Jonathan Franzen can’t even win the Bad Sex Award, poor guy.
Today’s word, boys and girls, is “coprophagia.” Imagine I’m putting on a sweater and changing my shoes. Can you say coprophagia? Good. Do you know why it’s good? Because it’s what got Jonathan Franzen nominated for this year’s infamous Bad Sex in Fiction Award–which he did not win.
No, the winner is British novelist Rowan Somerville, who apparently took the prize for a single sentence in his novel The Shape of Her, which is not yet out in the United States. The offending sentence, which I will render as close to the original as possible — oh, the heck with it. This is the Internet. Here’s what Somerville wrote:
“[L]ike a lepidopterist mounting a tough-skinned insect with a too blunt pin he screwed himself into her.” Whoo-wee! That’s some pretty bad writing. Pornography is not eligible for the award, given each year since 1993 by the British journal Literary Review, but assuming porn is intended to titillate and arouse, then this is what we might call “anti-pornography.”
Somerville was a good sport about the whole thing, although really, what choice did he have? “There is nothing more English than bad sex, so on behalf of the entire nation I would like to thank you,” he said, accepting the award in person from Michael Winner, a film maker and food critic I never heard of, either.
Besdies Franzen’s Freedom, the most talked about novel of the decade, the other nominees were A Life Apart, by Neel Mukherjee; The Golden Mean, by Annabel Lyon; Heartbreak, by Craig Raine; Mr. Peanut, by Adam Ross; The Slap, by Christos Tsiolkas; and Maya, by Alastair Campbell.
Campbell, a former top aide to Tony Blair, baffled Literary Review judges by openly campaigning for the prize. “Given that sex is an important part of a relationship and that most people are involved in some sort of a relationship at some time, it seems a pity not to write about it just because we are a bit squeamish,” he recently told the Guardian.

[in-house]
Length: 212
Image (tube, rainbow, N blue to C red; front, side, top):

Ultimately the judges made the imminently sensible ruling that the prize could not go to a writer who so manifestly missed the point. After all, the Bad Sex in Fiction Award was started in 1993 by Auberon Waugh and Rhoda Koenig “to draw attention to the crude, tasteless, often perfunctory use of redundant passages of sexual description in the modern novel, and to discourage it.”
Yet Waugh’s original intention was to recognize good writing about sex. But after a thorough search of contemporary serious fiction, no such excellence could be found and — voila! The Bad Sex in Fiction Award was born.
Past winners include some celebrated novelists, including Tom Wolfe, Sebastian Faulks, Norman Mailer and John Updike, awarded a lifetime achievement prize in 2008. It’s enough to make you wonder whether it is even possible to write well about the sex act in explicit detail.
For example, when I heard that Franzen had been nominated, I wondered why. It was only when I learned the offending passage came from a passage of phone sex involving fantasies of coprophagia that I realized the image had so disgusted me I had suppressed all memory of it.
Arifa Akbar explores the question of whether sex is beyond the realm of good writing in exhaustive detail in the Independent, quizzing authorities such as novelists Howard Jacobson, Philip Kerr, Geoff Dyer, and John Freeman, editor of the literary journal Granta, which devoted an entire issue to sex earlier this year.
“The feeling that sex isn’t fully represented in literature proves to be a false one if you expand just beyond the actual act, to all the things that sex encompasses,” Freeman says. “But once you get down to writing the act, it’s very hard to do it without sounding like bad erotica or embarrassing self-disclosure.”
Still, even the Literary Review recognizes good sex writing from time to time. Apparently they know it when they see it. In 2003, for example, judges sought to disqualify Rod Liddlele’s novel Too Beautiful for You on the grounds “his sex scenes were rather well done.” But Liddle was reinstated after he argued the judges were unqualified, “since nobody on the Literary Review had had sex since 1936, in Abyssinia.”
So I turn to you, my faithful readers. Can you think of any good sex writing, ever, in the history of human kind? In Lawrence, perhaps, or Flaubert, Roth, Mary McCarthy, Anais Nin, Colette, Lawrence Durrell…? Or, maybe, The Song of Solomon? The Satyricon? Christopher Isherwood? Henry Miller? Please help.